Everywhere they want to send the message that the page has been turned: “Forget the radiation, and think about the bright future of the Olympic Games”.

 

8

 

Except that to the rare refugees (no more than 20%) who returned to live in the reopened areas, it is something else that is been asked: to learn to live with radiation, on a daily basis.

 

9In the region, everywhere, radioactivity detectors are omnipresent, to reassure the population.

 

To get used to be living with a radioactivity detector. This is why the company Tepco, responsible for the Fukushima Daiichi nuclear plant, now speaks of “revitalizing” the area rather than about a return: it is because it had to be admitted that the original inhabitants would not return there.

 

10At Tepco’s headquarters in Tokyo, the company was nationalized after the disaster and announces 30 to 40 years of decontamination work.

 

Episode 3: Fukushima nine years later, it is impossible to turn the page

 

11On the Johoban highway that crosses the Fukushima area, an unbroken line of trucks transports radioactive waste to a disposal center. The soil measured at less than 8,000 becquerels per kilogram will be scattered everywhere.

 

March 11, 2020, 9 years to the day of the Fukushima disaster. And if the country has recovered from the magnitude 9.1 earthquake and tsunami that caused nearly 20,000 deaths, the area around the nuclear power plant is a wound that is far from being closed.

 

12Along the Tohoku coast, a tsunami-proof wall blocks the horizon

 

The radioactivity is still there and the evacuated residents still do not return. More than 44,000 refugees are still missing even though. Despite the radiation that will be there to last, the authorities want at all costs to use the Olympics this summer as an opportunity to turn the page on this regrettable incident. And that’s kind of the message that Tepco wants to give, when it opened a few months ago in Tomioka, a brand new information center, an interactive museum located 10km from the nuclear plant, to tell its version of the story. And necessarily, their version of the story is a little biased.

 

13In Tomioka, Tepco has just opened a museum to tell its side of the story and highlight all its efforts to revitalize the area.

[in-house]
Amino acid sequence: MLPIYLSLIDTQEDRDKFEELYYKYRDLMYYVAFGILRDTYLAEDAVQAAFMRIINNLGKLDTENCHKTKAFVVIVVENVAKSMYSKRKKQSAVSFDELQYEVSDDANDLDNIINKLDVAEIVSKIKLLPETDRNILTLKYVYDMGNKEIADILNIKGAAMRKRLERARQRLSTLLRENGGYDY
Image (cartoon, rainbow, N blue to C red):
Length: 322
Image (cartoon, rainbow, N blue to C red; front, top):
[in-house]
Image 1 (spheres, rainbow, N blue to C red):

No more than 20% of the evacuees returned to live near the plant, and almost exclusively elderly people like Ms. Kimiko. 9 years later, we are still far from the revitalization of Fukushima.

 

14Mrs. Kimiko returned to live in Tomioka 10km from the nuclear plant three years ago, she no longer recognizes her environment.

 

Episode 4: mothers of Fukushima

Nine years after the earthquake, the nuclear disaster is not over. Many are not content with orders to return to normal, given the abnormality of daily life around Fukushima – punctuated by radioactivity measures and prohibited areas. And even outside this perimeter, many associations mainly led by women and mothers, act daily for more transparency.

 

15Kaoru Konta is a medical doctor, she detects thyroid cancer.

 

For example, the MamaBecq, with a “Becq” like Becquerel, who inspect schoolyards with their Geiger counters. Or the Happy Island association, which organizes free screening for thyroid cancer in children. Happy Island is a funny name for such association, but you know how to say “happy island” in Japanese? “Fukushima”.

 

16Marie Suzuki is president of the association “Happy Island”

 

https://www.franceinter.fr/environnement/neuf-ans-apres-la-catastrophe-nucleaire-de-fukushima-retour-a-la-normale-vers-un-avenir-radieux?fbclid=IwAR3bm-4JHogTKj5a9ECW8en4e7X1g2WK4fsVlHo5F5N2o7IlcZOAlZvlIsQ

 

 

 

 

March 13, 2020 Posted by | Fukushima 2020 | , , | Leave a comment

Gov’t, TEPCO ordered to compensate Fukushima evacuees to Hokkaido

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March 11, 2020

SAPPORO — A court ordered the government and the operator of the crippled Fukushima nuclear plant Tuesday to pay a combined 52.9 million yen in damages to 89 people who evacuated from their hometowns to Hokkaido after the 2011 nuclear disaster.

The Sapporo District Court ruling marked the seventh case where both the government and Tokyo Electric Power Company Holdings Inc were ordered to pay damages, out of 11 cases brought against the two parties. In the four other cases, only TEPCO was ordered to pay damages.

It was also the 15th decision handed down among around 30 similar damages suits filed across Japan over one of the world’s worst nuclear disasters, triggered by the massive earthquake and tsunami in March 2011.